Figure 6: TRENDnet TEW-687GA Advanced Wireless settings
As with regular two-stream N routers, using 40 MHz bandwidth mode hogs most of the available 2.4 GHz spectrum. So, be nice and use it only if you don’t have other 2.4 GHz networks nearby.
With default settings and paired with TRENDnet’s TEW-691GR router, I got maximum link rates of 195 Mbps using 20 MHz mode and 405 Mbps using Auto 20/40 mode. To get the magic 450 Mbps link rate, you can try playing with the HT Physical Mode controls shown in Figure 6 above and their equivalents in your three-stream capable router.
The MCS setting lets you force the maximum link rate used and values supported are MCS 0-23 and 32 and, of course, the default Auto mode. The MCS index table shown in Figure 7 is a bit hard to follow. But note the second column (Number of spatial streams).
Figure 7: MCS index table (courtesy Agilent Technologies)
MCS 16-23 contain values for the three spatial streams required to achieve the maximum 450 Mbps link rate (MCS 23).
I was able to get plenty of bandwidth using the default settings and my experience with futzing with these sorts of controls is that it can screw you up more often than not. So I’d just leave the defaults alone.
The Gallery below will take you through the rest of the bridge’s settings.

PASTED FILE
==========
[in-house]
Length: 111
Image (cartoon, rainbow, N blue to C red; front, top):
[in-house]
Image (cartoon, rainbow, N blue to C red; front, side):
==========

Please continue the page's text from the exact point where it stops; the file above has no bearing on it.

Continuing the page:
Adapter IP address can be set statically or assigned via DHCP.
Connection settings are stored as profiles.
Profiles contain SSID, security and other settings. The only Network Type supported is Infrastructure, i.e. operation with routers and access points.
You search for networks via the Site Survey. Currently joined network is indicated with the little green joined-hands icon.
Statistics are available for those interested.
These are the only QoS settings. I wouldn’t mess with them.
Wi-Fi Protected Setup controls. I was able to successfully complete a WPS pushbutton connection with a TRENDnet TEW-691GR router without touching the defaults.
The key setting on this page is Device URL Settings. This URL is how you reach the adapter without having to know its IP address.
Here is where you can reset to defaults and reboot the adapter. There is also a hardware reset button on the bottom of the adapter.
This is my first test of three-stream N products using a "real" three-stream N client. My previous three-stream tests used the three-stream N capable Intel Wi-Fi Link 5300 AGN mini-PCIe card, but with a third antenna jury-rigged onto an Acer Aspire 1810T notebook running Win 7 Home Premium (Figure 8).
Figure 8: Acer Aspire 1810T with third antenna – bottom view